These searches revealed that many Kirby's lived in the territory now covered by Tyler and Wetzel counties. One of my letters secured this information from Arvel Kirby, Hastings, Wetzel county: "My grandfather was Peter Kirby, born 1791; he had brothers James, William and Reason (Rezin?); my father was Peter Francis who had a brother Abraham J, called "Abe", in 1885, Uncle Abe went to Calhoun county to visit Kirby's." Arvel Kirby stated he never saw his grandfather's brothers William or Reason. The recurrence of names would seem to establish a cement of relationship, especially the visit by Abraham J. Kirby to Calhoun.

There may be some confusion of, exact relationships uncovered in interviews with members of John Wesley Kirby's children. My stated that my great grandfather had three brothers, James, Peter and Abe, three sisters, Margaret, Susan and Polly. My uncle Hollis Kirby contended that Abe Kirby who visited in Calhoun in 1885 was a brother to his grandfather, i.e., my great grandfather but my uncle was very young at the time, so remembering the visit would be based upon hearsay. My aunt Lida was at least twelve years old at the time of Abe Kirby's visit to Calhoun and, although I realize there may be some crisscross in degree of relationship, that there is blood connection there is no shadow of doubt.

It is possible great grandfather had a brother named "Abe". The headstone of my great grandfather's grave in the Hur Cemetery shows he was born September 4, 1800, died April 7, 1881. The census of 1880 indicates William Kirby was born in Pennsylvania and that his father was born in the same state but does not list the Christian name of my great, great grandfather.

The birthplace of my great, great grandmother is indecipherable. I have studied the entry in the 1880 census many times without success; competent librarians have failed to enlighten me.

Tyler county marriage records show my great grandfather William Kirby and Mary White were united in matrimony by D. C. Merman, clergyman, November 26, 1827. To this union five children were born: Rezin (Reason), John Wesley, Nancy, Drusilla (or Drusia) and Sarah.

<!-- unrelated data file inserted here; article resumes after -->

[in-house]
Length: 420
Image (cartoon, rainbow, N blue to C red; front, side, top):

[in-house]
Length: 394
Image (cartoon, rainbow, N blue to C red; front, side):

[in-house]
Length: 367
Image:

At one time great grandfather, according to land titles in Tyler county, owned 100 acres of land on Fish Creek; the record is in Tyler since Wetzel was not created until 1846.

In 1850, the census shows William Kirby in Aleppo Township, Greene County, and Pennsylvania.

In the meantime my great grandmother Mary had died, time and place of burial not given, and great grandfather William had-.married Harriett Riggs.

At the time of the 1850 census, Rezin White Kirby was 21, John Wesley Kirby, 20 and were still at home. No data recorded for the sisters.

Rezin White Kirby, born in Marshall county, Virginia, and Nancy Jane Bryan, born in Greene county, Virginia, were married in Tyler county, December 8, 1852.

The census of 1860 listed Rezin White Kirby, 28, Nancy Jane, 26, in Roane county. As shown by the birthplaces of children the family had moved from Tyler to Jackson to Roane. The following children were born to this family as reported by a granddaughter in 1939: James, John, Emory, George, Indiana, Mary, Martha, Sarah and Virginia.

Deed Book, No. 2, p. 197, in Calhoun County Clerk's office, May 1867, shows my grandfather John Wesley Kirby, "$200.00 cash in hand, paid," acquired 100 acres of land on "Barrens" run and the same book, p. 232, January 1869 states "$100.00 in hand paid," he bought 50 acres more on "Barrens" run.

There is a story in the family that part of the "cash in hand,

Paid," was a little bay mare my grandfather rode into Calhoun County.

The census of 1870 contains information that John Wesley Kirby had married Ruhama Stallman, daughter of Peter Stallman.

The marriage records give the date for this wedding as June 10, 1862'. The marriage license shows John Wesley Kirby, 27, born In Pennsylvania, Ruhama Stallman, 18, born in Gilmer county, Virginia. In the census of 1870, the family is listed in Lee Township, later Lee District, Calhoun county, with real estate valued at $300,009 personal property, $150.00, My grandfather was attending a grist mill.

Family and census records do not always reflect the same ages. This is a fact one must take into account in genealogy.

Family records show John Wesley Kirby was born December 11, 1831, died November 26, 1913. Ruhama Stallman was born August 16, 18421, died December 1, 1901.

Children born to this couple as follows:

Nancy Jane

Davinda F.

William Athey born September 10, 1-866, died April 30, 1933.

John Lee August 12, 186R

Mary B. February 12, 1870

David Rezin (Reason) January 10, 1872

Lida Eveline November 2, 1873, died July 14, 1956.

Zilla A. October 8, 1875

Elizabeth F. January 21, 1878

Almina A. October 29, 1879

J. J.        July 25, 1882

J. Hollis July 23, 1885, died November 28, 1964,

John Wesley Kirby was Justice of the Peace in 1882 which accounts for his being addressed as "Squire" by older citizens, a title I heard many times.

In this account I have endeavored to assemble facts leading to and including the children of my great uncle and grandfather. My cousins may now construct their own genealogies.

The foregoing report is not complete but I hope some young relative may be inspired to continue the research into the family. There are two sources of information I have not examined - the county papers from northwestern part of West Virginia now in the document library of the university at Morgantown and land titles in the state capitol, Richmond, Virginia. The latter records may show the migration of the family from England and the places in the old country.